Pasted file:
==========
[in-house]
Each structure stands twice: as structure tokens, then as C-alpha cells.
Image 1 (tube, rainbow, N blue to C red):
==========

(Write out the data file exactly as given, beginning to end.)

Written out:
[in-house]
Each structure stands twice: as structure tokens, then as C-alpha cells.
Image 1 (tube, rainbow, N blue to C red):